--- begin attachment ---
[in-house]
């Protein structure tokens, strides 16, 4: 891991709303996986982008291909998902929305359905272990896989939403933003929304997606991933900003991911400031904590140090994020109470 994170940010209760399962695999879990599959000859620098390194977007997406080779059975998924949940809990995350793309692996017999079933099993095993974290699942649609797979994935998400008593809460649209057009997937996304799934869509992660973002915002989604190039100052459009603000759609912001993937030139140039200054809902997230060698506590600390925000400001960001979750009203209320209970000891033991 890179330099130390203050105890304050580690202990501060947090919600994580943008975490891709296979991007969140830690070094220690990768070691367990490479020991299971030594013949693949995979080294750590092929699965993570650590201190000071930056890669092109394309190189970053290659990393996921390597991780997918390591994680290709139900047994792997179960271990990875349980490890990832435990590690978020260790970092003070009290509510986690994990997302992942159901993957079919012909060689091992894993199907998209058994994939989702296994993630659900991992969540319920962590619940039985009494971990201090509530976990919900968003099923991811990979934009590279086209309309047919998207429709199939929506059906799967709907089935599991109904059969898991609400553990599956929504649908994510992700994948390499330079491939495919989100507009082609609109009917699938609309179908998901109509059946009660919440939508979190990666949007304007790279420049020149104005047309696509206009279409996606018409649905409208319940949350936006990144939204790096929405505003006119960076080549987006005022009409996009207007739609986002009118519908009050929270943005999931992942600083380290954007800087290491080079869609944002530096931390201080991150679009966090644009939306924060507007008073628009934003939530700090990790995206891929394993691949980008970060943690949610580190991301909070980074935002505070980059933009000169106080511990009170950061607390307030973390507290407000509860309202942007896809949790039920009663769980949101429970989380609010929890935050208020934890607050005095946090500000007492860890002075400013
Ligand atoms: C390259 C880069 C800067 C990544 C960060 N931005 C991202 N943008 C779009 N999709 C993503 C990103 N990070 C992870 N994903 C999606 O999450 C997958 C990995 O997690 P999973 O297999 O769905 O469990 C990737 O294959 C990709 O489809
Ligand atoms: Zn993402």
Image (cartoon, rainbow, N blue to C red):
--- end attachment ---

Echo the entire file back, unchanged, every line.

[in-house]
């Protein structure tokens, strides 16, 4: 891991709303996986982008291909998902929305359905272990896989939403933003929304997606991933900003991911400031904590140090994020109470 994170940010209760399962695999879990599959000859620098390194977007997406080779059975998924949940809990995350793309692996017999079933099993095993974290699942649609797979994935998400008593809460649209057009997937996304799934869509992660973002915002989604190039100052459009603000759609912001993937030139140039200054809902997230060698506590600390925000400001960001979750009203209320209970000891033991 890179330099130390203050105890304050580690202990501060947090919600994580943008975490891709296979991007969140830690070094220690990768070691367990490479020991299971030594013949693949995979080294750590092929699965993570650590201190000071930056890669092109394309190189970053290659990393996921390597991780997918390591994680290709139900047994792997179960271990990875349980490890990832435990590690978020260790970092003070009290509510986690994990997302992942159901993957079919012909060689091992894993199907998209058994994939989702296994993630659900991992969540319920962590619940039985009494971990201090509530976990919900968003099923991811990979934009590279086209309309047919998207429709199939929506059906799967709907089935599991109904059969898991609400553990599956929504649908994510992700994948390499330079491939495919989100507009082609609109009917699938609309179908998901109509059946009660919440939508979190990666949007304007790279420049020149104005047309696509206009279409996606018409649905409208319940949350936006990144939204790096929405505003006119960076080549987006005022009409996009207007739609986002009118519908009050929270943005999931992942600083380290954007800087290491080079869609944002530096931390201080991150679009966090644009939306924060507007008073628009934003939530700090990790995206891929394993691949980008970060943690949610580190991301909070980074935002505070980059933009000169106080511990009170950061607390307030973390507290407000509860309202942007896809949790039920009663769980949101429970989380609010929890935050208020934890607050005095946090500000007492860890002075400013
Ligand atoms: C390259 C880069 C800067 C990544 C960060 N931005 C991202 N943008 C779009 N999709 C993503 C990103 N990070 C992870 N994903 C999606 O999450 C997958 C990995 O997690 P999973 O297999 O769905 O469990 C990737 O294959 C990709 O489809
Ligand atoms: Zn993402």
Image (cartoon, rainbow, N blue to C red):